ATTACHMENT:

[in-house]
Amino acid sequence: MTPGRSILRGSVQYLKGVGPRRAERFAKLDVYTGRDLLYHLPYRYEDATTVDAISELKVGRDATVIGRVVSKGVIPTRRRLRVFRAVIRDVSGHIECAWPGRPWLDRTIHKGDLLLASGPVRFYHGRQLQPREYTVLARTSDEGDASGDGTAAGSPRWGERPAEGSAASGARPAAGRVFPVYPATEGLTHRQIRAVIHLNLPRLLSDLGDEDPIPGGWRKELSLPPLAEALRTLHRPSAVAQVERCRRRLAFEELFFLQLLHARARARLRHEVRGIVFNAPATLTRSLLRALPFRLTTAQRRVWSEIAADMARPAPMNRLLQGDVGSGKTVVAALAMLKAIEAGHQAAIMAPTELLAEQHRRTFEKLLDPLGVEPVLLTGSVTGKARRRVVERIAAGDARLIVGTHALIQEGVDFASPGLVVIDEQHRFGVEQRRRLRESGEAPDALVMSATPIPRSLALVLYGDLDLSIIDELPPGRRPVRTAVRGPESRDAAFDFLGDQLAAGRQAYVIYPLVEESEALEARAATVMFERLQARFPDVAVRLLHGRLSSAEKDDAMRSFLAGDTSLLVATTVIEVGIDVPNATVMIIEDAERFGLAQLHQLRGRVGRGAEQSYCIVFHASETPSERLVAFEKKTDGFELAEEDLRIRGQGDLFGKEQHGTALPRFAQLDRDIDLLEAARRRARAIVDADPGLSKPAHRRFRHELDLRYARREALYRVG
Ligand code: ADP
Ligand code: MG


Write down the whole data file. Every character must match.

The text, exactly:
[in-house]
Amino acid sequence: MTPGRSILRGSVQYLKGVGPRRAERFAKLDVYTGRDLLYHLPYRYEDATTVDAISELKVGRDATVIGRVVSKGVIPTRRRLRVFRAVIRDVSGHIECAWPGRPWLDRTIHKGDLLLASGPVRFYHGRQLQPREYTVLARTSDEGDASGDGTAAGSPRWGERPAEGSAASGARPAAGRVFPVYPATEGLTHRQIRAVIHLNLPRLLSDLGDEDPIPGGWRKELSLPPLAEALRTLHRPSAVAQVERCRRRLAFEELFFLQLLHARARARLRHEVRGIVFNAPATLTRSLLRALPFRLTTAQRRVWSEIAADMARPAPMNRLLQGDVGSGKTVVAALAMLKAIEAGHQAAIMAPTELLAEQHRRTFEKLLDPLGVEPVLLTGSVTGKARRRVVERIAAGDARLIVGTHALIQEGVDFASPGLVVIDEQHRFGVEQRRRLRESGEAPDALVMSATPIPRSLALVLYGDLDLSIIDELPPGRRPVRTAVRGPESRDAAFDFLGDQLAAGRQAYVIYPLVEESEALEARAATVMFERLQARFPDVAVRLLHGRLSSAEKDDAMRSFLAGDTSLLVATTVIEVGIDVPNATVMIIEDAERFGLAQLHQLRGRVGRGAEQSYCIVFHASETPSERLVAFEKKTDGFELAEEDLRIRGQGDLFGKEQHGTALPRFAQLDRDIDLLEAARRRARAIVDADPGLSKPAHRRFRHELDLRYARREALYRVG
Ligand code: ADP
Ligand code: MG